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Buying Greenland: Trump’s Gaffe With a Point


President of the United States of America, Donald Trump, has entertained the idea of purchasing Greenland from it’s current owner Denmark. Both the Danish and the autonomic Greenland’s governments have promptly dismissed the idea. The spokesman of Greenland’s government stated that "Greenland is not for sale." But is that actually true?

China has been heavily buying in to Greenland and its vast natural resources. The true quantity of the resources is only slowly getting revealed as the continental ice is melting due to the climate change. At Kvanefjeld Chinese companies are planning to begin mining both Uranium and rare earth elements, the production if which China is trying to monopolize. The Chinese companies are also investing in zinc and iron mines on the island.

The Chinese investments in export commodities production in Africa have always been coupled with a complex scheme of co-operation. These deals connect the economic investments to infrastructure projects and political deals to allow the Beijing to wield considerable leverage over the respective host nations. China has already used these connections to force its clients to vote according to Chinese interests in the UN. Some parts of the Chinese built infrastructure can also be used for deployment of the Chinese troops to the region if a need should arise.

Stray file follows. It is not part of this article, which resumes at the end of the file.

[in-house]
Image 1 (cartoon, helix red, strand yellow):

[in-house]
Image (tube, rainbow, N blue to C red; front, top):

Danish democracy and civil society are naturally much more robust than the ones in any African country. After all, the Kingdom of Denmark was established in 980. But even purely economical domination of Greenland would still be a victory to the Chinese government, especially as rare earth minerals will be a crucial strategic asset in the future. Greenland’s deposits joining the Chinese holdings in China, Mongolia, Afghanistan and Africa would make the situation rather dire for the West.

If China was given a possibility to control the ports and airports in Greenland, it would cause serious problems for NATO operations in the northern European theater. The Greenland – Iceland- UK (GIUK) gap has long been the focus point of naval planning for the possible showdown between NATO and Russia in Europe.

A Chinese destroyer in the Baltic Sea

On the other hand Greenland could also be used to stage operations aimed to disable the Russian forces in the Arctic. These forces include the vital nuclear bastion at Kola-peninsula. While China and Russia are reluctant allies at the moment, there is no doubt that at some point in the future the dragon will try to subdue the elderly bear in the neighborhood.

While the USA has a military presence in Greenland, it currently has very little control over the strategically important resources there and Chinese offers may be too tempting for the largely autonomic Greenland government and the cash strapped leaders in Copenhagen.


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